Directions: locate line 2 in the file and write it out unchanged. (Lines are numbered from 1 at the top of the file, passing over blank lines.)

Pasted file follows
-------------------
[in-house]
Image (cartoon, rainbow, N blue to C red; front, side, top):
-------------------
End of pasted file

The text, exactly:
Image (cartoon, rainbow, N blue to C red; front, side, top):